Day 19-60: Climb Everest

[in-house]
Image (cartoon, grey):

It is not possible to be prescriptive about how the mountain will be climbed from this point on, as it will be matter for the leader and the team. For those that have been to extreme altitude before, we would aim to be as flexible as possible to allow for people’s preferred acclimatisation routine. For some, this may mean climbing as high as camp 3 on the North Ridge, as soon as possible, before diving back to base camp for a long rest. Others might want to remain longer in ABC, taking several trips to the North Col and sleeping there overnight but not going any higher, for example.Whatever routine is adopted for acclimatisation, as soon as everyone is happy that they have achieved an optimum state of readiness, the team will return to base camp for a long period of rest and eating.After many days of resting and preparing, we return once more to ABC, using the single interim camp at the start of the Magic Highway, en route. Again, we pause in ABC, to eat some more and to ensure that everything is in place, and the weather is set as fair as possible. Then we head up. The route to the North Col will be well-known entity, as its slopes will have been ascended a few times by each of us as part of our acclimatisation process. However, we should find the metres slipping by more easily, as sights are now set on the very pinnacle of the mountain.From Camp 1 on the North Col, the route turns to follow a long snow ramp, the north ridge proper, that rests like a gigantic flying buttress supporting the upper reaches of the mountain. Although never steep, this section is prone to wind, sweeping icily across the mountain. After a full day, we reach camp 2 located at the head of the ramp.From here, the route moves on to broken rocky ground of shattered shale, as the north ridge cast off its layers of snow. However, the route remains relatively easy angled, although the gradient increases gently, until the next camp is reached. This is located where the mass of the north ridge rams home hard against the bulk of the mountain, on rocky shelves. The day is rewarded with stupendous views over the glaciers below. What were viewed as big mountains as they dominated the Magic Highway, now more easily blend with the humble backdrop of the Tibetan Plateau and the flatlands beyond.The top camp will give you an even greater sense of the world below your feet. The ascent remains on broken ledges, but these are easy with shale and scree interlacing between them until snow runnels give out onto the north face proper. Once clear of the rocks and on more open slopes, you turn directly upwards, to arrive at the final camp at about 8,400-metres.Summit day begins before mid-night! Leaving the tents in the still of the night, you headlamps shine up to pierce the darkness and illuminate a faint gully that leads to the ridge above. This line through the rocks is steeper than those traverse the day before, but the fixed ropes help lift you towards the skyline. Some scrambling, accompanied by a disproportionate amount of panting, will land you on the ridge at over 8,500- metres. The only thing now between you and the top, is about 400 metres of ascent, 3 rock steps and over a kilometre of ridge – the ultimate tightrope! As dawn breaks, you will see the awesome Kangshung Face falling off to your left – a mind-boggling drop in to Tibet. For the main part, you remain on the right flank and traverse easily in places, but the route is punctuated by the First, Second and Third Steps. The hardest of these is the Second, which has a ladder and fixed rope to allow an ascent, which would be virtually impossible otherwise. Additionally, you can expect an airy traverse en route to gaining the top. Finally, however, the mountain yields, and the final summit snowfield, that you had seen from miles below will come under your feet and herald your arrival to the Top of the World.